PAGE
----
For the devaluation of the dollar to be truly effective in reversing the negative trend in us trade, it was vitally important that the new growth areas should be fully open to American penetration. Of the three, however, only the non-oil developing countries offered unimpeded access to us exports—especially as the United States was ready to increase its imports of manufactures from such countries, with mixed benefits for their industry and balance of payments. As far as the opec countries were concerned, the sluggishness of American exports could not be ascribed to price or technology factors: indeed, us industry was the best equipped to supply the kind of goods requested by opec (telecommunications equipment, industrial plant, etc.). A further difficulty in boosting the us share of opec markets resulted from the close involvement with Israel. Thus Arab countries were more inclined to strengthen trade links with West European countries—which have fewer qualms than the United States in furnishing them with armaments—and with a Japan that maintains strict neutrality on the Middle East problem. Echoes of this situation still linger on, and rather strong opinions against the Israel lobby are sometimes vented in the American business press. ‘The Israel lobby argues that the Saudis have not contributed to Mideast peace which is ground for cancellation under the terms of 1981 agreement of a contract [for supplying an airborne warning and control system] . . . Any failure of the us to supply arms is almost certain to lead to more Saudi arms purchases from eager Europeans. When the proposed sale of McDonnell Douglas Corp f-15 ran into trouble last year, the Saudis turned to a British-Italian-German consortium to buy the Tornado combat aircraft. “You are talking about at least $6billion of initial equipment that goes to the uk and Europe instead of the us, and then maybe three or four times that amount in additional services over the next four or five years,” says one us businessman in Riyadh.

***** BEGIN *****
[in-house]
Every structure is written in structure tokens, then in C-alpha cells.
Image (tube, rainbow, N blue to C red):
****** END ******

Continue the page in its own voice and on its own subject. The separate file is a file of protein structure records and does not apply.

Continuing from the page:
He frets that congressional politicking is “the latest in a continuing series of disasters which are slowly but surely eroding the position of us business in this part of the world”.’ footnote5